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Maritime: LNG as a solution or an anchor?

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By Diego Balverde

· 3 min read


Understanding LNG and energy availability

It's common to hear discussions about energy by those without firsthand knowledge of the subject, especially regarding Liquified Natural Gas (LNG). The primary concern is whether there's sufficient availability to export LNG from gas-producing regions worldwide. At the moment, the availability is resoundingly insufficient.

To grasp the availability of LNG, understanding terminal development and regasification is crucial, as is knowing the time investment required for these processes. Prospective investors often wonder about the return on investment timelines. Profitability in this sector is directly tied to the legal frameworks of the resource-rich nations and the legislations governing LNG trade, which primarily exist in developed countries.

Economic capitalization and return risks

Various industry reports underscore the tremendous potential of LNG, projecting its viability for the next five years. However, they clarify that the profitability of LNG is likely to decline after 10 to 20 years, making it a risky venture for investors. This forecast impacts investment influx, especially in countries like Argentina that possess the capacity but lack the necessary infrastructure.

Investment in an LNG terminal can range from 3,000 to 10,000 million dollars, with construction timelines spanning 24 to 60 uninterrupted and continuous months.

Global demand and terminal capacities

There are 83 operational terminals spread across 23 countries, boasting a total capacity of 572 million tons of weight, equivalent to 1,276 million cubic meters of LNG. Between January and September, European countries experienced a surge in LNG demand. However, this heightened demand from Europe results in price escalations and diminished availability, affecting importing nations adversely.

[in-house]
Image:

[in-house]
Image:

Currently, around 600 methane tankers are in operation, with sizes ranging up to 266,000 m3. The compression of LNG is 600 times at -192° Celsius, allowing for efficient transportation. After transport, regasification restores its consumable state, i.e., natural gas. However, the availability of these ships and regasification units is constrained, impacting global LNG accessibility.

There are 23 operational regasification plants in Europe, with six situated in Spain. The total annual consumption of the European Community is 490 billion m3, highlighting the inefficiencies and environmental impacts of replacing gas with LNG through the regasification process.

Analysis: the future of LNG energy

A decline in LNG energy utilization is anticipated post-2030 due to a transition to cleaner energy sources. Given the investment and financing timelines, the return variable could range from 2 to 5 years in the most optimistic scenarios, suggesting non-viability in the long run.

Promises from the United States to offset Europe's dependence on Russia by sending LNG reserves seem questionable, considering LNG is classified as fossil energy and was removed from the list of renewables.

Often, discussions about LNG overlook the crucial role of logistics, which significantly influences market values. The relocation of empty ships and the regasification processes can potentially increase LNG prices between 16% and 19%.

Shell's profit generation is triple its annual projections, benefitting a select group of VIP shareholders through dividend liquidation. This scenario elucidates the disproportionate distribution of war benefits.

Reflection: investment in energy transition

Would compensating losses due to rising international inflation or investing in energy transition be better solutions? Investments in cleaner practices and technologies could revitalize the economies of countries not rich in energy, increasing their GDP, enabling companies to consume clean energy, and reducing pollutant emissions.

While logical and sustainable solutions are available, the world continues to bear the brunt of unsustainable consumer ambitions. A reevaluation of energy practices and investments is imperative for transitioning towards cleaner, more efficient energy solutions, with LNG serving as a focal point in this crucial global discourse.

illuminem Voices is a democratic space presenting the thoughts and opinions of leading Sustainability & Energy writers, their opinions do not necessarily represent those of illuminem.

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About the author

Dr. Diego Balverde is an Economist at the European Central Bank and has extensive experience in climate finance. He is currently also an Advisory Member of the Council of Foreign Trade at The World Bank. Diego is very active on the international sustainability stage having attended COP27 as a Circular economy for Climate Change specialist and will also be attending the G20 Conference in India as part of the Energy, Sustainability and Climate Task Force. Diego holds a PhD in Foreign trade from Chapman University and an MBA degree from Cambridge Judge Business School.

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